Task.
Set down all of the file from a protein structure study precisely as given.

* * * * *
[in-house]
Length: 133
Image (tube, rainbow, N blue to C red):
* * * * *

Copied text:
[in-house]
Length: 133
Image (tube, rainbow, N blue to C red):